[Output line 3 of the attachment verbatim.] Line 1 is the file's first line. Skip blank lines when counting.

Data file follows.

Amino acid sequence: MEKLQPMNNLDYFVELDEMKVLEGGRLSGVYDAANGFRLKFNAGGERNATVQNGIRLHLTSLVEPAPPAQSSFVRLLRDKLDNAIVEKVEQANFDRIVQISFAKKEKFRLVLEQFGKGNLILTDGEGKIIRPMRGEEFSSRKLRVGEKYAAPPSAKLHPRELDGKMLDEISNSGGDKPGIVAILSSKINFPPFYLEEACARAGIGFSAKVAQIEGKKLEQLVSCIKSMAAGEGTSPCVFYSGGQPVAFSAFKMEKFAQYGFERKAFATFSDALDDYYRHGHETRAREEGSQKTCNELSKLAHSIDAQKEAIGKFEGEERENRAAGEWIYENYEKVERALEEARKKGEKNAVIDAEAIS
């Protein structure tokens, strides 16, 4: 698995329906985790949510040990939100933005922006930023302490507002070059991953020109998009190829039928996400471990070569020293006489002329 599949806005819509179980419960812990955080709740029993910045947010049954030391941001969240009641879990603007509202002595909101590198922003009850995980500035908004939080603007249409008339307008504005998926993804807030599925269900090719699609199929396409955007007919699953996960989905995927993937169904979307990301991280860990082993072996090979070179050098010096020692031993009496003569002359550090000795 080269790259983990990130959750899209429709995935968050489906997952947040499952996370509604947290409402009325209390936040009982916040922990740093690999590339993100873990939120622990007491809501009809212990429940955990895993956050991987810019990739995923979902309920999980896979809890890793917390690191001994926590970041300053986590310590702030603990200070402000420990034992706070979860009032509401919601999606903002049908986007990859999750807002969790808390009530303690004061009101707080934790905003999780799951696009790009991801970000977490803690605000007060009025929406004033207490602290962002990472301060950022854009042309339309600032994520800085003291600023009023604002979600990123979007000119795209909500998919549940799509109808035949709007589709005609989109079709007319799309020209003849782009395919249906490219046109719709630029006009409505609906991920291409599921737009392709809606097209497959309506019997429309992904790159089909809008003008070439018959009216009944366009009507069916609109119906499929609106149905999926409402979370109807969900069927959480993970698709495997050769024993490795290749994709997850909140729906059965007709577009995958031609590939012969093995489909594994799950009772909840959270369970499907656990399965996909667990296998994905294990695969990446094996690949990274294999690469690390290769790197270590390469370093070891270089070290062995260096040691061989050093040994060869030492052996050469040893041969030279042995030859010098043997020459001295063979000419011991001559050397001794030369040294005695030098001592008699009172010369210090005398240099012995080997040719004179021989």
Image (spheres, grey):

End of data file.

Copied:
Image (spheres, grey):